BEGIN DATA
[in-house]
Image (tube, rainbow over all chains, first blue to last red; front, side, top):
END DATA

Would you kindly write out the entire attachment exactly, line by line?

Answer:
[in-house]
Image (tube, rainbow over all chains, first blue to last red; front, side, top):